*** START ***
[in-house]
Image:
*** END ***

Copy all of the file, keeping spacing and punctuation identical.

[in-house]
Image: